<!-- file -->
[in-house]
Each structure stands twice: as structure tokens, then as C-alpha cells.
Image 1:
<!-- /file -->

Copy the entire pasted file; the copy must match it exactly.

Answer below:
[in-house]
Each structure stands twice: as structure tokens, then as C-alpha cells.
Image 1: